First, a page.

Countless millions of theme park fans have visited Sleeping Beauty Castle since it opened with Disneyland in 1955. Many take the walking tour through the castle, which retells the story of Princess Aurora, Maleficent, and Prince Phillip through a series of dioramas. But only a select few visitors from outside The Walt Disney Company ever get the chance to go up on to this landmark.
Yeah, I'm bragging now. Thursday morning, the four other writers who have been covering Disneyland's "Project Stardust" and I were invited to join Imagineer Kim Irvine for a tour of the newly renovated Sleeping Beauty Castle, including a scaffolding walk across its new roof.
Disneyland this morning took down the last of the scaffolding surrounding the castle during this most recent refurbishment, revealing more of the work that several dozen cast members and contractors have been doing for these past few months. The "pixie dust" stars upon the cedar shakes atop the castle's main section have been getting the most attention, but Irvine said that the work involved much more than that.
Despite Disney's current project to expand Sleeping Beauty Castle's twin at Hong Kong Disneyland, Irvine said that such work never was considered for Disneyland.
"She's Walt's castle," Irvine said. "She's perfect the way she is."
But Irvine did say that Walt's castle needed some improvement in her mid-60s. In addition to replacing the castle's roof, Irvine said that the design team took the opportunity to "push the color more... and add a little pixie dust."
"Colors fade over time," she said. "And people get used to seeing it faded."
Irvine said that the colors of the new cedar shakes atop the castle are inspired by the cobalt blue atop the castle that appears in Disney's most recent animated production logo, the one that appears in front of Disney movies.
Designers employed atmospheric perspective — changing the color shading on the castle to emphasize its forced perspective. Colors farther away take on a blueish tone, thanks to the presence of more atmosphere between the subject and the viewer, Irvine explained. For castle, that meant warmer shades, including pink, at the lower levels of the castle, giving way to more lavender and that crowing blue at the top. Together, the illusions suggests a structure taller than the castle's actual 70 feet.
The forced perspective amplifies the feeling of intimacy when you see the castle from its roof. You are supposed to look upon this facade from far away, and even then it is designed to appear farther still. But standing just feet from its turrets reveals the castle's details to you consciously. It's like leaning into an impressionist painting to decode its splats and dots, only to discover that each one is its own little work of art.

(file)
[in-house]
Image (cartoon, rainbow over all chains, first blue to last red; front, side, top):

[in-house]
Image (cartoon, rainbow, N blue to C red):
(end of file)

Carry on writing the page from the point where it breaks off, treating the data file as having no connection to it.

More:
Jim Slagle, Director Facility Asset Management for the Disneyland Resort, said that all 18 turrets on the castle were digitally scanned, allowing crews to replace them without changing the structural look of the castle. Atop the castle, you notice the different shapes of the cedar shakes and turret caps that Disneyland's show shows have created for this refurbishment. You see the subtle changes in individual colors on the roof that help create engaging tone and texture for the structure when seen from ground level.
Current events conspired to empower them moment with extra emotion as well as understanding. The final destination on our tour was the section of the castle that Imagineers call "The Chapel," standing to the right of the main spire as you look at the castle from Main Street USA.
But this is no run-of-the-mill chapel atop Sleeping Beauty Castle. Disneyland's "Chapel" is a reproduction of the now-destroyed roof of Notre Dame de Paris. French officials are soliciting designs for the cathedral's new roof, and architects around the world are stepping forth with designs that might take the ancient cathedral in new aesthetic directions.
Standing less than 10 feet away from Disney's scale reproduction of the Viollet-le-Duc flèche, you see its gradient shifting from deep green to copper to gold. You notice the separation of the buttresses from the chapel itself, detail that can be lost among all else that the castle shows those looking at it from the ground. Here, focusing on the chapel itself, you see nothing but that this is a smaller, scaled, and wonderful recreation of something now lost.
Of course it is not lost here. For as Disney tweaks this castle every decade or so, "pushing" its colors and adorning its edges, Sleeping Beauty Castle remains much as it was when it opened in 1955 — the unmistakable icon of Disneyland. With its new roof and repairs, Sleeping Beauty Castle remains prepared to endure for many more decades into its future.
The final construction walls come down and Sleeping Beauty Castle reopens to the public this Friday, May 24.Tweet
This article has been archived and is no longer accepting comments.